Tag: Glendale City Council

Los Angeles Kings v Phoenix Coyotes - Game Two

Glendale City Council to vote on contract to hire arena consultant


According to Mike Sunnucks of the Phoenix Business Journal, the City of Glendale is looking into a new way to figure out what to do about finding a new owner and/or someone to run Jobing.com Arena.

The Glendale City Council will vote whether or not to offer a contract to Beacon Sports Capital Partners LLC worth $25,000 and another $400 an hour for them to advise the city on how to proceed in finding a new owner for the Coyotes. According to city documents the total cost of the contract is worth $100,000.

All told, if that kind of investment can unearth an owner and someone to operate the arena, it’s worth the money. If it fails, it’s just more money the city is throwing down a hole in hopes of keeping the team.

The city was ready to pay former Sharks vice president Greg Jamison $300 million to take over the team and operate the arena, but he failed to buy the team by the January 31 deadline despite working hard to find others to invest in the team. The Coyotes have been without an owner since 2009.

Raising Arizona: Glendale City Council votes to approve Coyotes lease agreement


Is this long saga in the desert at an end? Perhaps it is after the Glendale City Council voted 4-2 in favor of the city’s 20-year, $320 million lease agreement for prospective Phoenix Coyotes buyer Greg Jamison.

The agreement will help the team stay in Jobing.com Arena and hand over duties of managing the facility to Jamison. The one catch here is he’ll have until January 31, 2013 to close on the sale of the team or else the process, with a newly voted in city council, will begin all over again.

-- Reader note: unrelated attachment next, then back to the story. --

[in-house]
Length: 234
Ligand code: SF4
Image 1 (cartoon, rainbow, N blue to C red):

Outgoing mayor Elaine Scruggs, who was against the deal, was not pleased at the outcome of the vote saying, “The public will find they were mislead.” She then added, “I choose to support people in other types of uniforms. Police uniforms, fire uniforms…not Coyotes uniforms.”


Is this the end of the story for now? Let’s hope so, but the track record over the last three years says there’s always a twist waiting to be unleashed.

Goldwater Institute asks Glendale City Council to kindly not screw taxpayers over Coyotes

Chicago Blackhawks v Phoenix Coyotes - Game Two

The Glendale City Council will soon be voting on a proposal that will see the city fork out $325 million in all to potential Coyotes owner Greg Jamison. Regional watchdog group, the Goldwater Institute, has been involved in the team’s dealings in the past and they’ve got some concerns this time around as well.

Goldwater Institute president and CEO Darcy Olsen sent a letter to the mayor of Glendale and the city council to address their concerns with the potential deal. To sum it up, they don’t want to see the taxpayers in Glendale end up over a barrel thanks to the deal.

Goldwater’s concerns hover around the possibility this deal can bring into effect the “gift clause” that helped kill Matthew Hulsizer’s bid to buy the team. They’re also asking about the cost parking rights, arena use at Jobing.com Arena, as well as the speed all of this is happening.

Goldwater isn’t alone in their worries, but it’s clear the financial issues the City of Glendale have run into recently are wearing on the minds of more than a few locals.

Glendale city council approves $25 million payment to NHL to keep Coyotes for another year


For the second straight year, the Glendale City Council is picking up the check to keep the Coyotes in town.

After a 5-2 vote, the city council approved to pay up $25 million to the NHL to help cover losses while they league continues to work out a deal with prospective buyer Matthew Hulsizer or anyone else willing to pony up the money needed to buy the team.

The decision by the city council means the Coyotes aren’t going anywhere next season and will play another season in the desert. For the fans in Glendale and around Phoenix, their team is saved for another year. It’ll make for another year in limbo for the team if they cannot get a deal done with Hulsizer. The NHL and Hulsizer continue to try and haggle out a deal with the City of Glendale over bond issues to help subsidize Hulsizer’s purchase of the team but the opposition from the Goldwater Institute over the use of city tax money to make it happen has made it difficult to get anything done.